Cybercriminals have hit a new low. They’re telling users they might have cancer just to trick them into installing a piece of malware on their computers.
The emails are being distributed as part of a spam campaign that leverages the reputation of the United Kingdom’s National Institute for Health and Care Excellence (NICE). The malicious notifications carry the subject line “IMPORTANT: blood analysis results” and they purport to come from firstname.lastname@example.org.
The malicious emails read something like this:
“We have been sent a sample of your blood analysis for further research. During the complete blood count (CBC) we have revealed that white blood cells is very low, and unfortunately we have a suspicion of a cancer.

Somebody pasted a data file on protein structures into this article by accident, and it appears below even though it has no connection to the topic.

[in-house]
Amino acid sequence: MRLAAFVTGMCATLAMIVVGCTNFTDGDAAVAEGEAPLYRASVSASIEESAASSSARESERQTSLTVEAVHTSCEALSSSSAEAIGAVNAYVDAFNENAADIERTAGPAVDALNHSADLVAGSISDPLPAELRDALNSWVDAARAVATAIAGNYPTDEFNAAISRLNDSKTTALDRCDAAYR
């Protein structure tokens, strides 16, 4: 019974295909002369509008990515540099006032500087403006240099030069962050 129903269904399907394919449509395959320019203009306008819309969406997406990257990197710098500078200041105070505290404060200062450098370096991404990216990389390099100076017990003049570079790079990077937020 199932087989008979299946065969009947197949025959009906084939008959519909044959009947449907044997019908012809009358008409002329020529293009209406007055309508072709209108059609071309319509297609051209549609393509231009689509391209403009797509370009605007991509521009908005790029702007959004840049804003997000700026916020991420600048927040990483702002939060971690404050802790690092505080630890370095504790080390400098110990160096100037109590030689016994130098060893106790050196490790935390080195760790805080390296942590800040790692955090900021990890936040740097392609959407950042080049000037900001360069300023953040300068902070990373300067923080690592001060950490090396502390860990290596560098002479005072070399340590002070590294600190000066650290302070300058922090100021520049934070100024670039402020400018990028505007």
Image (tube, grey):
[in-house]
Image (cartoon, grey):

We suggest you to print out your CBC test results and interpretations in attachment below and visit your family doctor as soon as possible.”
The file that’s attached to the emails is not a CBC test result, but an archive (CBC_result_46EA57E17F), which contains what appears to be a harmless PDF document. In reality, it’s a double extension file (CBC_scaned_584444449.pdf.exe).
At the time of writing, 14 of the 50 antivirus engines on Virus Total detect the archive as being malicious.